Shiur # 42: Interruptions (3) Hesech Ha-Da’at

  • Rav David Brofsky



Last week, we continued our discussion of “interruptions” (hefsekim).  We studied the laws of “blessing coverage” – that is, which foods are covered by the initial berakha rishona.


We noted last week that although one must recite a berakha acharona before the food is digested (shi’ur ikul) – before one no longer feels full, which we generally assume to be approximately 72 minutes – a lapse of time does not affect a berakha rishona (Rambam, Hilkhot Berakhot 4:7; see, however, Magen Avraham 184:9 and Chayei Adam 50:23). A blessing is valid for the entire day, unless one decides to stop eating or actively terminates the blessing.


This week, we will discuss the manner in which a berakha “expires” and different types of interruptions that may cause one to have a hesech ha-da’at.


The End of a Meal


There are two Talmudic passages that relate to this topic. The gemara in Berakhot (42a) relates:


R. Papa was once at the house of R. Huna b. R. Natan. After they had finished the meal, tables were set before them and R. Papa took some and commenced to eat. They said to him: Does not the Master hold that after the meal is finished, it is forbidden to eat? He replied: “Removed” is the proper term.

Raba and R. Zera once visited the Exilarch. After they had removed the tray from before them, a gift [of fruit] was sent them from the Exilarch. Raba partook, but R. Zera did not partake. Said the latter to him: Does not the Master hold that if the food has been removed it is forbidden to eat? He replied: We can rely on the tray of the Exilarch…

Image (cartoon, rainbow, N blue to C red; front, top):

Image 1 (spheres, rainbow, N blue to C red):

The law is not as stated in all those dicta reported above, but as thus stated by R. Chiya b. Ashi in the name of Rav: Three things should follow immediately one on the other. The killing [of the sacrifice] should follow immediately on the laying on of hands… Grace should follow immediately on the washing of hands.


The Amora’im debate whether one who finishes may continue eating or whether he must first recite another berakha rishona. According to the household of R. Huna, one who finishes eating and no longer has in mind to keep eating must say another blessing if he does indeed eat again. R. Papa apparently maintains that only after “removing the table,” as was customary in those times, must one say another blessing if he wishes to continue eating. The gemara cites Rav, who rules that only the washing one’s hands (mayim acharonim) before Birkat Ha-Mazon officially “breaks” the efficacy of the first blessing.


Although the household of R. Huna clearly maintains that the end of one’s meal is dependent upon the subjective da’at of the person, the views of R. Papa and Rav are less clear. Do they maintain that a blessing’s coverage expires only after an objective end to the meal, or do they hold that it is, in fact, a person’s da’at that is the determining factor, and that da’at is dependent upon certain objective actions, such as removing the table or performing mayim acharonim.


Elsewhere (Pesachim 103a), the gemara teaches:


R. Yaakov b. Abba visited Rava's home. He saw him recite the blessing Borei Peri Ha-Gefen over the first cup, and then he recited a blessing over the cup of Birkat Ha-Mazon and drank it. Said he to him [Rava]: Why do you need all this? Surely you have [already] recited a blessing for us once? He [Rava] replied: When we were at the Exilarch’s we did thus. He [R. Yaakov b. Abba] responded: It is well that we did this at the Exilarch's, because there was a doubt whether they would bring us [more wine] or they would not bring us [more]. But here, surely the [second] cup stands before us and we have it in mind? He [Rava] replied: I acted in accordance with Rav's disciples. For R. Beruna and R. Chananel, disciples of Rav, were sitting at a meal,[and] R. Yeba Saba waited on them. They said to him: Give us [wine] and we will say Grace. Subsequently they said: Give us [wine] and we will drink. He said to them: Thus did Rav say: Once you have said, "Give us [wine] and we will say Grace,” it is forbidden for you to drink. What is the reason? Because you let it pass out of your minds.


The Rishonim note an apparent contradiction – while the first passage implies that mayaim acharonim ends the meal, the second passage implies that merely stating one’s intention to recite Birkat Ha-Mazon suffices.